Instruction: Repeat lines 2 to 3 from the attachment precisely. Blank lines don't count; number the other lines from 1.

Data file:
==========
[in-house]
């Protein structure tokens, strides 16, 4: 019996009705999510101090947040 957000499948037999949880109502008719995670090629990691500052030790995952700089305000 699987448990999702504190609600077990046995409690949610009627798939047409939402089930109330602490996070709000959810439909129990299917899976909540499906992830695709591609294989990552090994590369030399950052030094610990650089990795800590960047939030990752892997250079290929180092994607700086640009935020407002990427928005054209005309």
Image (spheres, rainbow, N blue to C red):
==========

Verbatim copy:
């Protein structure tokens, strides 16, 4: 019996009705999510101090947040 957000499948037999949880109502008719995670090629990691500052030790995952700089305000 699987448990999702504190609600077990046995409690949610009627798939047409939402089930109330602490996070709000959810439909129990299917899976909540499906992830695709591609294989990552090994590369030399950052030094610990650089990795800590960047939030990752892997250079290929180092994607700086640009935020407002990427928005054209005309």
Image (spheres, rainbow, N blue to C red):